Flush from last night’s victory, Harry Reid floated the possibility at a press conference this morning that Dems could revive the idea of a millionaire surtax when the talks begin over the year long payroll tax cut extension next year.
“I’ve talked to Senate Republicans, plural, who think there should be a fair tax on rich people,” Reid said. “I’m going to make sure that my conferees understand that this could be part of what we try to do.”
Given that Dems dropped the millionaire surtax during the talks over the payroll tax cut earlier this month, you’d be forgiven for concluding that Dems may not take it up again. But when it comes to paying for the year-long extension, the two parties remain far apart, and Republicans are going to push for still more spending cuts.
It wouldn’t hurt if Dems went into next year’s negotiations with a strong opening bid — i.e., a demand for a tiny surtax on a tiny minority of Americans (millionaires and billionaires) in order to pay for a modest tax cut for 160 million working Americans. After all, this skirmish may have weakened the Republican position on this issue — polls suggest that Obama and Dems effectively captured the moral high ground in this fight, and that the public has come to believe that Republicans favor the interests of the wealthy over those of the middle class.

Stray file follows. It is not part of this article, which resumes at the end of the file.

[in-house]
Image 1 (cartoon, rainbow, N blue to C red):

More broadly, polls show that there’s been a clear shift in public attitudes towards tax fairness. Pew recently found that 57 percent of Americans now say the wealthy don’t pay enough in taxes, and 55 percent say the tax system is unfair. Whether that’s because of Occupy Wall Street, Obama’s jobs push, or the payroll tax cut fight, or some combination of them, is open to debate, but a shift has in fact taken place.
So another round of “class warfare” might be advisable for Dems to venture. After all, Republicans won’t hesitate from starting from a position that’s unacceptable to Democrats — more spending cuts and conditions attached to unemployment insurance, to name two. Republicans are now on record insisting that a full year extension is a must, and they’ve insisted that it be paid for. So why shouldn’t Dems stake out a hard line of their own?